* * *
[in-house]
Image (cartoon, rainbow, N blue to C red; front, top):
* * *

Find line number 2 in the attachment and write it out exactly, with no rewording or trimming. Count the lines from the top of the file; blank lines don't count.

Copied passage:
Image (cartoon, rainbow, N blue to C red; front, top):